Small trees had attacked my parents' house at the foundation… As my father prodded away blindly at the places where he sensed roots might have penetrated, he was surely making convenient holes in the mortar for next year's seedlings… it seemed increasingly important to me that each one of these invaders be removed down to the very tip of the root, where all the vital growth was concentrated. And it seemed important as well that I do a meticulous job… It was almost impossible not to break off the plant before its roots could be drawn intact from their stubborn hiding place.
I was parsing out the idea, established in other cases and reinforced in this one, that our treaties with the government were like treaties with foreign nations. That the grandeur and power my Mooshum talked about wasn’t entirely lost, as it was, at least to some degree I meant to know, still protected by the law.
From the government's point of view, the only way you can tell an Indian is an Indian is to look at that person's history. There must be ancestors from way back who signed some document or were recorded as Indians by the U.S. government … after that you have to look at that person's blood quantum… In other words, being an Indian is in some ways a tangle of red tape. On the other hand, Indians know other Indians without the need for a federal pedigree, and this knowledge—like love, sex, or having or not having a baby—has nothing to do with government.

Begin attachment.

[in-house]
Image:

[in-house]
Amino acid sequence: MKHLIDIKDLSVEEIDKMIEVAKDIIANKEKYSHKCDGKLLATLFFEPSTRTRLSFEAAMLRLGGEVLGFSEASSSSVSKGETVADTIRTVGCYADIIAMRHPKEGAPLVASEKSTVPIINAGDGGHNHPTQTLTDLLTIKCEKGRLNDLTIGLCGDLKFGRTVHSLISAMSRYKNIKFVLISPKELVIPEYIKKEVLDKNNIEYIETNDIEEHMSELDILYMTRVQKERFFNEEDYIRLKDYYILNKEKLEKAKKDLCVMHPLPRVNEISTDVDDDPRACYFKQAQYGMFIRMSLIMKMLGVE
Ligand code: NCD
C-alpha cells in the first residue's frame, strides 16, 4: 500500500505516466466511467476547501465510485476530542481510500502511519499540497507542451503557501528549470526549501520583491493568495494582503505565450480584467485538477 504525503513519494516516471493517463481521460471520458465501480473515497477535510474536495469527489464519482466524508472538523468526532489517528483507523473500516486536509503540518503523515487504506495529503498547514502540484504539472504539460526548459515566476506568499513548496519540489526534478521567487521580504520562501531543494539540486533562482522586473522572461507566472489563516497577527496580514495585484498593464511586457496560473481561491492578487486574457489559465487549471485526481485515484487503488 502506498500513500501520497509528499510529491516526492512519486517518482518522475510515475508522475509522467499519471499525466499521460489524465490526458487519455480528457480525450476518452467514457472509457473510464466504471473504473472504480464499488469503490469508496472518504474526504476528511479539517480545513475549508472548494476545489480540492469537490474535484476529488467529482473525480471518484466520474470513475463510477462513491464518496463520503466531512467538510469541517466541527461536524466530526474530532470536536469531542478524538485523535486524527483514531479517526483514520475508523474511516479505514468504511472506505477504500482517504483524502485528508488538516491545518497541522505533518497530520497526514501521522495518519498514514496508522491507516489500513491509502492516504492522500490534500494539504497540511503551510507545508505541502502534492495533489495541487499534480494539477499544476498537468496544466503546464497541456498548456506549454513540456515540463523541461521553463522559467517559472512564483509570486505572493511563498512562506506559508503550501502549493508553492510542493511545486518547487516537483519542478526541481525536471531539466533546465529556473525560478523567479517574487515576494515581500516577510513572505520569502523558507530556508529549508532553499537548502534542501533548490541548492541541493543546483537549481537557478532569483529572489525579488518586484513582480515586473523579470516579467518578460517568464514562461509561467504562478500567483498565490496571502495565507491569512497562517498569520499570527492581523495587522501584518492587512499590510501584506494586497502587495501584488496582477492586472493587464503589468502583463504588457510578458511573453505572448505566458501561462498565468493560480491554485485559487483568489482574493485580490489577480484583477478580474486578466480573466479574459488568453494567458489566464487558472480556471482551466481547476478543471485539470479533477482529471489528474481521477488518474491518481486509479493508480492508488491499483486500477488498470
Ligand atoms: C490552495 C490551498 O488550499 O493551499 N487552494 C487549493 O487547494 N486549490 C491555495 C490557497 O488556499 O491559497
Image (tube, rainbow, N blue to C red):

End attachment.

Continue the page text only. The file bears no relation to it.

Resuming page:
I didn’t like being prayed for. As I turned away I felt the prayers creeping up my spine. But that was Randall, too, always ready to make you feel a little uncomfortable with the earnest superiority of all that he was learning from the elders, even your own elders, for your benefit.
We were not churchgoers. This was our ritual. Our breaking bread, our communion… But now they stood staring at each other helplessly over the broken dish… If we'd sat down together that night, I do believe things would have gone on… Anything would have been better than the frozen suspension of feeling in which she mounted the stairs… My father and I had followed her to the doorway, and I think as we watched her we both had the sense that she was ascending to a place of utter loneliness from which she might never be retrieved.
We read with a concentrated intensity. My father had become convinced that somewhere within his bench briefs, memos, summaries, and decisions lay the identity of the man whose act had nearly severed my mother’s spirit from her body.